The Five Senses of the Sandbar
Excerpted from Legends of the Sandbar. Buy the book here
Sound. The wind, blowing against the backs of your ears. Blowing through seagrass like a whisper.
The black-noise roar of a nor-easter, filling all frequencies. Flags fluttering, fast and hard. Halyards ringing, hammering against aluminum flagpoles.
The rhythm of a solid swell, pounding and receding, heard half a mile inland on a windless night. The beat of your own heart, anticipating tomorrow.
The bass-drum boom of a fat barrel collapsing. Spray blowing over the back of a six-foot death-wall, sounding like rain, high and crackling, hitting you in the face, taunting you for hesitating.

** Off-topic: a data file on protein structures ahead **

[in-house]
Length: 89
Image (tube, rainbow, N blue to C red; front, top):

Water retreating from a gravel bed on the shoreline. Foam bubbles on the skim gassing off, hissing all along the length of the tide-line.
The whoops and hollers in the lineup. Laughing and chattering. The fluff-fluff-fluff of a line of pelicans, flying four feet over the ocean surface.
The high lonesome call of an osprey, circling its nest in summer, searching for fresh prey to feed its chicks. The barking of dogs at dusk. The fevered chirps of a flock of starlings in summer, just before dark.
The NOAA marine radio, robotic and repetitive, rattling off numbers that mean things to sailors, surfers, and fishermen. The hum of Route 12 rolling under your tires. On the radio, 99.1, the Sound, playing Sublime. For longboarders, NPR, or a Bob Marley box-set on bluetooth.
Thunder rumbling, growing louder. The thud of rain on a cedar-shake roof. Rain falling loud and fast for a few long minutes, then returning to a patter. Rain subsiding, a robin’s song celebrating the let-up.
Squealing, screeching seagulls. A symphony of frogs after heavy flooding rains. The incessant ocean. The wind.